How to Clean a Window AC Unit: A Step-by-Step Guide

by Kim Causey
WHite Frigidaire air conditioner being wiped clean

Cleaning a Window AC Unit at a Glance

  • Tools and materials: An extra person, screwdriver, fin comb, scrub brush, rags, AC coil cleaner, electric motor oil, all-purpose cleaner
  • Step 1: Remove unit from window
  • Step 2: Straighten fins
  • Step 3: Clean coils
  • Step 4: Wipe fan motor
  • Step 5: Wash or replace filter
  • Step 6: Replace unit

Window air conditioning units can be a lifesaver during hot summers. They pump cool air into living areas that would otherwise reach uncomfortable temperatures. But did you know that your window AC unit needs to be regularly cleaned? Just like a whole-house HVAC system, their filters need to be cleaned and replaced, too. Great, you might be thinking. Yet another thing to keep clean. In reality, cleaning your window unit might be worth the hassle.

This May Also Interest You: How to Clean Your AC Filter in 7 Simple Steps

Buying a window air conditioner is an investment. Keeping your unit clean will help protect that investment, ensuring that your unit will be in good shape to cool your home when you need it. A clean AC unit also translates to cleaner air and lower utility bills. Here’s how to clean yours.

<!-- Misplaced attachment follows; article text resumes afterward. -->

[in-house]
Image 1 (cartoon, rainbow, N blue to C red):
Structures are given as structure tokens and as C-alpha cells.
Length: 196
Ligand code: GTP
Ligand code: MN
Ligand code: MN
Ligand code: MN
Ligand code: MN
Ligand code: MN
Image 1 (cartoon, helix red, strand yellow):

What Is a Window Air Conditioning Unit?

A window air conditioning unit is a smaller, simplified version of a central AC system. They are installed on your window so they can vent warm air outside. Because they’re so small, they’re typically used to cool just the room they’re in. They work well for apartments and other rental properties in addition to single-family homes. Window units may also function as fans, dehumidifiers or heaters.

Components of a Window AC Unit

A window air conditioner has the same basic components as a central air system, just wrapped up in a smaller package. Its parts are housed neatly in a metal enclosure that sits partly inside and partly outside of your window. These are some of the main components: